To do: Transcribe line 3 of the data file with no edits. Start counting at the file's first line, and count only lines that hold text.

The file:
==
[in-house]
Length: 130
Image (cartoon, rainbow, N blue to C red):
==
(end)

Image (cartoon, rainbow, N blue to C red):